The hedonic models we run to estimate the impact of improving a property’s energy performance on market prices require detailed descriptions of property characteristics. We establish such a detailed dataset by matching each sales record from the HM Land Registry with its corresponding EPCs. We can describe each transaction with a wide range of characteristics, including price, size, age, building type, window type, heating system, and current and potential energy efficiency values. These characteristics help us to minimise any bias from unobserved quality differences in our model estimation.
Although our merged dataset describes each property in detail, one important variable is missing: plot size. To overcome this omission, we construct a proxy variable for plot size using an innovative approach based on the distances between neighbouring properties. Incorporating plot size in the hedonic model can explain some apparent anomalies in the literature concerning the impact of energy efficiency on property prices in the UK.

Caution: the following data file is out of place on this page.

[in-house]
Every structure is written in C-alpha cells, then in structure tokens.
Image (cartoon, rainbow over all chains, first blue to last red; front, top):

We then compute separate hedonic models for the three main property types (flats, semis/terraces, and detached houses) and the ten ITL-1 regions in England and Wales.
We calculate the capitalisation rate of energy efficiency improvements (CREEI) for each property in our dataset. The CREEI is defined here as the percentage of EPC-suggested home improvement costs that are covered by the estimated increase in property value. A CREEI of 100% implies that the estimated increase in property value exactly covers the costs of the EPC-suggested energy improvements. A CREEI value of less than 100% indicates that the costs are higher than the estimated value increases, while a CREEI of above 100% suggests that the costs of the energy-efficiency improvements are more than covered.